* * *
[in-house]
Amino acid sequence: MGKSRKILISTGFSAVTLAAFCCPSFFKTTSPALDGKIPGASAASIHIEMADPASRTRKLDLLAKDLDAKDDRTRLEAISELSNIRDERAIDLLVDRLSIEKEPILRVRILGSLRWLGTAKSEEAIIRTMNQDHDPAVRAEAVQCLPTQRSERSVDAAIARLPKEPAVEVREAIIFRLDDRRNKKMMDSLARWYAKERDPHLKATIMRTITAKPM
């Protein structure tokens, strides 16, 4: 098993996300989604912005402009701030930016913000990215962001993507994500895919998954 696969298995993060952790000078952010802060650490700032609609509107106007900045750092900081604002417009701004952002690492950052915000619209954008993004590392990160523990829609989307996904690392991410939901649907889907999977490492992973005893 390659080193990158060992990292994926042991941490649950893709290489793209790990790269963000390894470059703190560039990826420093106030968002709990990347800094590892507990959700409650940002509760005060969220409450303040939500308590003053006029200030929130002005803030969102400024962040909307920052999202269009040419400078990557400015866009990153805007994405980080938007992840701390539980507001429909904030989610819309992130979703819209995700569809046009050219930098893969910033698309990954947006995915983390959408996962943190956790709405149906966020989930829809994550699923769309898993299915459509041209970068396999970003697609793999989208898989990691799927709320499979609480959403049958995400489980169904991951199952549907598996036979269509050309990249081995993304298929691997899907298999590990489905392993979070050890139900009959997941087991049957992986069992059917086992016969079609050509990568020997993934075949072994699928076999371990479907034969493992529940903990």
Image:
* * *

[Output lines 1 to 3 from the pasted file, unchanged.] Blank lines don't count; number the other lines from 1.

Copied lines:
[in-house]
Amino acid sequence: MGKSRKILISTGFSAVTLAAFCCPSFFKTTSPALDGKIPGASAASIHIEMADPASRTRKLDLLAKDLDAKDDRTRLEAISELSNIRDERAIDLLVDRLSIEKEPILRVRILGSLRWLGTAKSEEAIIRTMNQDHDPAVRAEAVQCLPTQRSERSVDAAIARLPKEPAVEVREAIIFRLDDRRNKKMMDSLARWYAKERDPHLKATIMRTITAKPM
């Protein structure tokens, strides 16, 4: 098993996300989604912005402009701030930016913000990215962001993507994500895919998954 696969298995993060952790000078952010802060650490700032609609509107106007900045750092900081604002417009701004952002690492950052915000619209954008993004590392990160523990829609989307996904690392991410939901649907889907999977490492992973005893 390659080193990158060992990292994926042991941490649950893709290489793209790990790269963000390894470059703190560039990826420093106030968002709990990347800094590892507990959700409650940002509760005060969220409450303040939500308590003053006029200030929130002005803030969102400024962040909307920052999202269009040419400078990557400015866009990153805007994405980080938007992840701390539980507001429909904030989610819309992130979703819209995700569809046009050219930098893969910033698309990954947006995915983390959408996962943190956790709405149906966020989930829809994550699923769309898993299915459509041209970068396999970003697609793999989208898989990691799927709320499979609480959403049958995400489980169904991951199952549907598996036979269509050309990249081995993304298929691997899907298999590990489905392993979070050890139900009959997941087991049957992986069992059917086992016969079609050509990568020997993934075949072994699928076999371990479907034969493992529940903990």